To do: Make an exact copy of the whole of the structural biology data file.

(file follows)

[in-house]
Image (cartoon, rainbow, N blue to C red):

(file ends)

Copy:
[in-house]
Image (cartoon, rainbow, N blue to C red):